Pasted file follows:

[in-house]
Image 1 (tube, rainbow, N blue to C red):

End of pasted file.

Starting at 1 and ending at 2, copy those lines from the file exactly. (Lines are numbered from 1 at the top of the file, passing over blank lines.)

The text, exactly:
[in-house]
Image 1 (tube, rainbow, N blue to C red):